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Multiple Microbial Processes in Membrane Aerated Biofilms Studied Using Microsensors Open Access


Other title
Multiple Microbial Processes
Membrane Aerated Biofilm
Type of item
Degree grantor
University of Alberta
Author or creator
Tan, Shuying
Supervisor and department
Yu, Tong (Civil and Environmental Engineering)
Examining committee member and department
Guigard, Selma (Civil and Environmental Engineering)
Luo, Jingli (Civil and Environmental Engineering)
Eberl, Hermann (Mathematics and Statistics)
Liu, Yang (Civil and Environmental Engineering)
Yu, Tong (Civil and Environmental Engineering)
Department of Civil and Environmental Engineering
Environmental Science
Date accepted
Graduation date
Doctor of Philosophy
Degree level
Membrane aerated biofilms (MABs) have exhibited unique advantages over conventional biofilms for wastewater treatment. However, due to the limited available technology to probe the internal biofilms, the information for multiple microbial processes inside the MABs is quite inadequate. Microsensor techniques make it feasible to detect chemical gradients and herein explore the microbial activities of processes inside biofilms. In this work, multiple microbial processes including sulfate reduction, sulfide oxidation, nitrification and denitrification inside the MABs were investigated using microsensor techniques. O2, pH, H2S, ORP, NH4+ and NO3- microsensors were successfully fabricated and implemented to measure in situ the corresponding chemical gradients inside the MABs. The amperometric H2S microsensor was further developed and displayed linear response within the range of 0 - 600 μM (20.4 mg·L-1) total sulfide concentration with a high sensitivity up to 1.21 pA·μM-1. The response time could be less than 1 second. This H2S microsensor was used to measure the change of H2S concentrations from the low to high and from the high to low. The simultaneous occurrence of multiple microbial processes inside a piece of MAB has been revealed using microsensor techniques. The multiple microbial processes were stratified: sulfate reduction followed by denitrification and sulfide oxidation near the bulk liquid-biofilm interface; nitrification in the middle; and aerobic oxidation near the membrane. These results were promising in providing multi-functional biofilms for engineering applications. COD/SO42- ratios of 1 and 2 at constant COD concentration were examined to evaluate the effects of COD/SO42- ratios on the ability of simultaneous multiple microbial processes. The results showed that under the two conditions, the activity of sulfate reduction at COD/SO42- ratio of 1 was higher. COD/NH4+ ratios of 4 and 10 at constant COD concentration were investigated to check the effects of COD/NH4+ ratio on the occurence of simultaneous multiple microbial processes. It was found that nitrification and denitrification activities at a COD/NH4+ ratio of 4 were higher than those at a COD/NH4+ ratio of 10. The biofilm structures were observed using scanning electron microscopy. Microscopic observations showed the denser structure near the bulk liquid-biofilm interface and porous structure near the membrane.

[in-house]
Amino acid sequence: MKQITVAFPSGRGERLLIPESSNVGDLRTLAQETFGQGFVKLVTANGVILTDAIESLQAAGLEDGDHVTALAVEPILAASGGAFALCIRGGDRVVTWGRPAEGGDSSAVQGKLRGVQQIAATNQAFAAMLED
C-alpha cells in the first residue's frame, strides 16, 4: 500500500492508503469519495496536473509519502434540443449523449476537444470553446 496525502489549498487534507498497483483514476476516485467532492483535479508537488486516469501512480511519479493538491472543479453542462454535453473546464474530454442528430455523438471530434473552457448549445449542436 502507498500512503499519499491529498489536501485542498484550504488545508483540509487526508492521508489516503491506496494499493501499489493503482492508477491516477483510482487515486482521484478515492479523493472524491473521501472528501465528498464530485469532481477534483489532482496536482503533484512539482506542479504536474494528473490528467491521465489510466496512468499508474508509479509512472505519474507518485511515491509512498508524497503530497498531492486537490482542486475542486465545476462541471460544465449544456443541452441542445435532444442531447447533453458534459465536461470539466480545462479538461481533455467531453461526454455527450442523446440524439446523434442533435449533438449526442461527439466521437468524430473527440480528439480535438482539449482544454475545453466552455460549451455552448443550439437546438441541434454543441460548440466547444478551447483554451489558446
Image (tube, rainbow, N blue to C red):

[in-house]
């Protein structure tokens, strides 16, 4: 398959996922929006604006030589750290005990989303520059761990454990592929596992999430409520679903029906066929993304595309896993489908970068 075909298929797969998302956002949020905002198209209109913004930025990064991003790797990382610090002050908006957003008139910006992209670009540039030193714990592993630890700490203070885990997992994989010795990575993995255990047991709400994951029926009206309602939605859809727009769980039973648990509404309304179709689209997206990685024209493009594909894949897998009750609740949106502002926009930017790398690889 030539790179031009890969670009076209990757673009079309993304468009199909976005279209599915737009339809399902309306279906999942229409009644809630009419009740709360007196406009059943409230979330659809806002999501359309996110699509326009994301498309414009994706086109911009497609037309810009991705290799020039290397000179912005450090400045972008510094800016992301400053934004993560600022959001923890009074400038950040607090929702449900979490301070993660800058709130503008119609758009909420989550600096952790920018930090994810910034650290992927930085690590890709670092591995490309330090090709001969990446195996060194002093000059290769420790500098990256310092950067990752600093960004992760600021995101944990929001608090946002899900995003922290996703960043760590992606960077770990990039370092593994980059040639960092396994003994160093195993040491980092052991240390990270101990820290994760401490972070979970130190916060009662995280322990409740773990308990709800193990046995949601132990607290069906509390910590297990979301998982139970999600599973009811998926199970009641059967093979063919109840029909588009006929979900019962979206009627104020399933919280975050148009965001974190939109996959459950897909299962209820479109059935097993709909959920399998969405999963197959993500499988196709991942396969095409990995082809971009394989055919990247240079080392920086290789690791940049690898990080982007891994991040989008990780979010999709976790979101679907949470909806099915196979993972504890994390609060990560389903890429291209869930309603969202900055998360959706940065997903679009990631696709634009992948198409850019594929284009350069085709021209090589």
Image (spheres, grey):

Permission is hereby granted to the University of Alberta Libraries to reproduce single copies of this thesis and to lend or sell such copies for private, scholarly or scientific research purposes only. Where the thesis is converted to, or otherwise made available in digital form, the University of Alberta will advise potential users of the thesis of these terms. The author reserves all other publication and other rights in association with the copyright in the thesis and, except as herein before provided, neither the thesis nor any substantial portion thereof may be printed or otherwise reproduced in any material form whatsoever without the author's prior written permission.
Citation for previous publication
S.Y. Tan and T. Yu. 2007. International Workshop on Monitoring and Sensors for Water Pollution Control, Beijing, China, June 13-14.S.Y. Tan, T. Yu, and H.C. Shi. 2009. IWA Specialized Conference on Processes in Biofilms: Fundamentals and Applications, Davis, California, September 13-16.

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